‘Bit dark aren’t they?’ Jacko came to stand by him, frowning.
‘They’re exactly what I wanted. They’re perfect.’ He stroked the weathered grey cedar. ‘Doesn’t it remind you of the ocean on a winter’s day?’
‘I suppose.’ The builder smirked. ‘Bloody freezing and blowing a gale you mean?’
Harry gave up trying to explain his vision for the house he’d been planning for years now.
‘I’ll get the lads to help me shift it all tomorrow.’ Jacko pulled out his car keys. ‘You coming for a pint? The wife’s got her book club meeting at our place so I’m staying out ’til they’re gone.’ He chuckled. ‘They’ll talk the hind legs off a donkey and none of it about the book.’
‘Cheers but not right now. There’s a few things I want to wrap up here. I might stop by later.’ It would sound rude to say all he wanted was to be left alone. Harry loved nothing better than seizing the chance to walk around his new property when no one else was about. These quiet times gave him the chance to study the progress they’d made and decide where he might want to make any changes.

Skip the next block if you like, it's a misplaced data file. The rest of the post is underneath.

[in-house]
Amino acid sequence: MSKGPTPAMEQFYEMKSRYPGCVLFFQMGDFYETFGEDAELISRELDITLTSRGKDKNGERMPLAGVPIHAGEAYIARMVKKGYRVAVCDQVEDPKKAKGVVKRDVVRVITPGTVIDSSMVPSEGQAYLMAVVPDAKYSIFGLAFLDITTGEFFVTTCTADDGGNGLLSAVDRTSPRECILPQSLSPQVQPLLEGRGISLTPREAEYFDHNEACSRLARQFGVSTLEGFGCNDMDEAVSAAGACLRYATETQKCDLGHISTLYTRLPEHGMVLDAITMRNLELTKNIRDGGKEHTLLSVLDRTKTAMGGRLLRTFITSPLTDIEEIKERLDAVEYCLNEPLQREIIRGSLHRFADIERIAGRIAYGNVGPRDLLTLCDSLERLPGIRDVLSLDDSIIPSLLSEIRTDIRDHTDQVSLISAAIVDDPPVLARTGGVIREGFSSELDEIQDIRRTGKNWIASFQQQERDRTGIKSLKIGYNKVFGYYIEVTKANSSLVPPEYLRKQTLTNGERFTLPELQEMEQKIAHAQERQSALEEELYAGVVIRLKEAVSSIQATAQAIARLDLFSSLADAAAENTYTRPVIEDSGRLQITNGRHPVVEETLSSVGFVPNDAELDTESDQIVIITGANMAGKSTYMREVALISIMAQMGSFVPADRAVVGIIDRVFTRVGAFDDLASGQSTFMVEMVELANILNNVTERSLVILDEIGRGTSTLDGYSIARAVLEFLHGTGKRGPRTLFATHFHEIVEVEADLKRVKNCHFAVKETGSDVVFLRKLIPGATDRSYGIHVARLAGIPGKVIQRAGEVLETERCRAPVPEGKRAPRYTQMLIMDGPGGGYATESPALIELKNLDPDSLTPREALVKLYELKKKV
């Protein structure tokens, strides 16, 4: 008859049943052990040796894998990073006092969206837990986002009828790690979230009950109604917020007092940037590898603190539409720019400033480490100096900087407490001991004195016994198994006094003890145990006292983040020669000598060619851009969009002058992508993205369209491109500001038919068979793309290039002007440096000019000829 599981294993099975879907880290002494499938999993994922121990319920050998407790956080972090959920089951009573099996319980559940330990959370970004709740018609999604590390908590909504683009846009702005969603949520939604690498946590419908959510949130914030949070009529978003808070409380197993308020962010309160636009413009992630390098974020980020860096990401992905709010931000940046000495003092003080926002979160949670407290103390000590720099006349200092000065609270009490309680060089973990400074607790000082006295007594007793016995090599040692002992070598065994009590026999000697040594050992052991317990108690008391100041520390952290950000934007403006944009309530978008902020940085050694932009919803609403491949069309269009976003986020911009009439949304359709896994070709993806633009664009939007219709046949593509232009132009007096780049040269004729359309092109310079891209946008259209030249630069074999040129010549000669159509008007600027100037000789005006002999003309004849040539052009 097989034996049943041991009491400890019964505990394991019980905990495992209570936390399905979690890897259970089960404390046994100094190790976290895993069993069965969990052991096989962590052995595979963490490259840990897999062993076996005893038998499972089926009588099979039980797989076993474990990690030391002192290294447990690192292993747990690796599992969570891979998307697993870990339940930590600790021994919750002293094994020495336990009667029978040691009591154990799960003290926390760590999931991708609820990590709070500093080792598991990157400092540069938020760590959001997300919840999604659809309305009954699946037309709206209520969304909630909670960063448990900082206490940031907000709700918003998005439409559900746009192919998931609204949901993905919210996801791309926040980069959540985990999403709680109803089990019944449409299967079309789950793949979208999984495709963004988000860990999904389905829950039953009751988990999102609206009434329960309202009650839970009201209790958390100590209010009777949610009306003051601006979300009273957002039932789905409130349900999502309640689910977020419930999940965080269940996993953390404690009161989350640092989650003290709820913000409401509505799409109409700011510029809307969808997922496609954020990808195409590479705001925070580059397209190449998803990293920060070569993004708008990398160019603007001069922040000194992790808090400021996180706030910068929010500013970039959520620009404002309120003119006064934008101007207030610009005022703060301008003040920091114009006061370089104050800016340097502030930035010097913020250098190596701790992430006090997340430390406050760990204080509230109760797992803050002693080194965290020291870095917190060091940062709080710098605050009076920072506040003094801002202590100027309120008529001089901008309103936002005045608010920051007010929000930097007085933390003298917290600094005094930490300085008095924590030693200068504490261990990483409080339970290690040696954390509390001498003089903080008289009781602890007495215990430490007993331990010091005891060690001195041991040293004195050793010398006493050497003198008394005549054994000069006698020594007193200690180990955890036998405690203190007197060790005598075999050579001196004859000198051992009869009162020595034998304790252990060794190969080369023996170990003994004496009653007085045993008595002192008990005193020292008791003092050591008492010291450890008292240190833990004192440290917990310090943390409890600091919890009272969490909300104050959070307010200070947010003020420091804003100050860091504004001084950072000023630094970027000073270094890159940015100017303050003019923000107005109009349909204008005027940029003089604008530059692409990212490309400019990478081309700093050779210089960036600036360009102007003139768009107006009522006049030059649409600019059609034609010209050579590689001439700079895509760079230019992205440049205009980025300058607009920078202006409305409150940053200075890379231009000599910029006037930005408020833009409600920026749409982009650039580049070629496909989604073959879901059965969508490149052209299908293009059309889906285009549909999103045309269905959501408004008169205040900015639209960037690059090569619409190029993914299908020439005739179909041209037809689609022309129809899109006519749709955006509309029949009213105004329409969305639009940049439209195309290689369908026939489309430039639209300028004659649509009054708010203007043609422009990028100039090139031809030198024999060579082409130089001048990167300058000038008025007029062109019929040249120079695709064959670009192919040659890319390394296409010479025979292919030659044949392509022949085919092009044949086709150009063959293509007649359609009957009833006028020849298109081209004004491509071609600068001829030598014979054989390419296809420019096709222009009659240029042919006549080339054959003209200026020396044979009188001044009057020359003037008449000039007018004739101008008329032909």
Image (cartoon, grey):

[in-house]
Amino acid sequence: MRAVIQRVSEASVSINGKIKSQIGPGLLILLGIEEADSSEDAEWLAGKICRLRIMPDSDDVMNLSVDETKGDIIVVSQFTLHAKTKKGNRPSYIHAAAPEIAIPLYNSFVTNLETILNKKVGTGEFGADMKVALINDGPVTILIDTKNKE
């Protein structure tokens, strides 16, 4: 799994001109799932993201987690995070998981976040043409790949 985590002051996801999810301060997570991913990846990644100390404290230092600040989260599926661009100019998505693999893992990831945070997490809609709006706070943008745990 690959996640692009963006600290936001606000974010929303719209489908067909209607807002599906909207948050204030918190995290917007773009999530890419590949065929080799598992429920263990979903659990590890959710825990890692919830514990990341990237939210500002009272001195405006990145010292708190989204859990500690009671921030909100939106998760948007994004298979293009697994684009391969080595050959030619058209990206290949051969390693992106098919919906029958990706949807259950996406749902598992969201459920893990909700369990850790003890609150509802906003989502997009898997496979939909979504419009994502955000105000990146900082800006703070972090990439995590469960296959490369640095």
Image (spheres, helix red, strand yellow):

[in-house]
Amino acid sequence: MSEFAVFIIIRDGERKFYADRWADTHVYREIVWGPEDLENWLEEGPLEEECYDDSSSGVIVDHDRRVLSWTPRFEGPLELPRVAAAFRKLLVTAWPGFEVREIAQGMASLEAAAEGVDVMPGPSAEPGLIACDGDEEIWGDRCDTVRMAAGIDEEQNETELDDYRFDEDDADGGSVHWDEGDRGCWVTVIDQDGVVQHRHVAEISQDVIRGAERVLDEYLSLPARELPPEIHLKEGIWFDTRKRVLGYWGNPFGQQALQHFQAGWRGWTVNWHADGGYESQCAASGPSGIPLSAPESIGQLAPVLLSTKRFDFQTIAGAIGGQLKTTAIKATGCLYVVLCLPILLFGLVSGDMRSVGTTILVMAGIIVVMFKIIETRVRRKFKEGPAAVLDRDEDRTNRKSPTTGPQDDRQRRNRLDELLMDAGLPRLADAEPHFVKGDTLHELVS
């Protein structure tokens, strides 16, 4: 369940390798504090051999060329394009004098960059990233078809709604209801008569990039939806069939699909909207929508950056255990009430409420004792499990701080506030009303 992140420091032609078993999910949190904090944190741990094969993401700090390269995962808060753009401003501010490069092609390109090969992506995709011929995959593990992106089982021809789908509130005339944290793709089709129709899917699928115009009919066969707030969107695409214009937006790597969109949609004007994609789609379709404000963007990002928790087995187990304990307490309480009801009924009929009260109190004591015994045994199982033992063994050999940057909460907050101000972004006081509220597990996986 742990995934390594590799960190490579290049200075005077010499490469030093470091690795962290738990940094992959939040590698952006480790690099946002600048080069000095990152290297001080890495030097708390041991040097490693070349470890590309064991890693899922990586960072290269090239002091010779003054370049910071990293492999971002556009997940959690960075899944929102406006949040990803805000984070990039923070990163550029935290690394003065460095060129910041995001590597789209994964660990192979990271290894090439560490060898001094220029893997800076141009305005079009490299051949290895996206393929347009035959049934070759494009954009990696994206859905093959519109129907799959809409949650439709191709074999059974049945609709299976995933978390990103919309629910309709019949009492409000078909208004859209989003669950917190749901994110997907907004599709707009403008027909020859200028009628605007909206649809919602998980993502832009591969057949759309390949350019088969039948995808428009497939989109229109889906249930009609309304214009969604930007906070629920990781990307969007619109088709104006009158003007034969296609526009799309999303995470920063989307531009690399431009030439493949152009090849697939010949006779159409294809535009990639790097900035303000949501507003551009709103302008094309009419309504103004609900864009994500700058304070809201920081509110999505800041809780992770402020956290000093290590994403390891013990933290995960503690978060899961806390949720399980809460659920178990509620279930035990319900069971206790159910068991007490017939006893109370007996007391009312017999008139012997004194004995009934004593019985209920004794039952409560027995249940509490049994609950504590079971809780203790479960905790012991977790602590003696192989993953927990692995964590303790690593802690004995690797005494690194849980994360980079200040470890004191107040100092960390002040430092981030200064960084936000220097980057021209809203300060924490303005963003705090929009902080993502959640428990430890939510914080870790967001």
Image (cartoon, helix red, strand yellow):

Jacko tipped him a nod and ambled over to his dilapidated white van. Harry kept his fingers crossed this wouldn’t be one of the many days when the ancient van refused to start but it rumbled to life and drove off belching diesel fumes.